Closing Thoughts

After reading much of the email and comments sent in by readers yesterday I decided to go back and rewrite this section. A number of readers commented on how out of the norm for it felt to read both positive and negative traits for each of the profiles. At the same time, even more readers asked what sort of qualities should exist in an ideal manager.

All in all, that is an excellent question to ask but I don’t think there is a reasonable answer. An absolutely ideal manager (or board member, musician, or patron for that fact) is by nature, paradoxical. Even the most successful managers in this business have distinct shortcomings and have experienced periods where they failed to do the right thing at the right time; as a result, their organization suffered.

More so, I’ve seen young executive managers never fulfill their potential because their personality profile was the wrong fit in the wrong place at the wrong time. They’ve been more concerned with taking any executive position which might help them move up the career ladder instead of finding an organization which makes best use of their skills and profile characteristics.

Since every profile has strengths and weaknesses, I think the only ideal manager is one possessing characteristics which allow an organization to reach artistic excellence while simultaneously developing a healthy internal culture. Furthermore, an ideal manager applies the axiom of “know thyself” to their administrative persona and finds others to compensate their shortcomings.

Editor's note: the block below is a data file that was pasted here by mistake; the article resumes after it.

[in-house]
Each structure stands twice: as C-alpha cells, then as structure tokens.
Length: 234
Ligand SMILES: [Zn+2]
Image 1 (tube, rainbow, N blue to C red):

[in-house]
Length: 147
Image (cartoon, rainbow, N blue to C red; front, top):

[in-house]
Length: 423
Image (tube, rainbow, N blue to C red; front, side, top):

I have thoroughly enjoyed all of the personal email messages readers have sent in. Some points are so thought provoking they kept popping into my head throughout the day regardless of what I was working on. Others pointed out some fascinating connections I didn’t see and a few actually reinforced what I initially perceived simply by the arguments they presented to disagree with the concept of the article.

In the end, I would love to see more of this sort of discussion going on in the comments section. Then again, I’ve witnessed too many examples as of late where comment discussions have gotten out of hand so perhaps the ratio of private email vs. public comments is a blessing in disguise. Regardless, this topic would serve as the foundation for a fascinating conference seminar and an even better late-night-at-the-bar discussion. Either way, keep sending in your thoughts and observations.